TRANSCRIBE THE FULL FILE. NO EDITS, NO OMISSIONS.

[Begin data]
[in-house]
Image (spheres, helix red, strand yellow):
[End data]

[in-house]
Image (spheres, helix red, strand yellow):